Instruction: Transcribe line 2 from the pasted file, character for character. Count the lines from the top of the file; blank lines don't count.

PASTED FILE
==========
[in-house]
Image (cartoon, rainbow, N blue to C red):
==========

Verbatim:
Image (cartoon, rainbow, N blue to C red):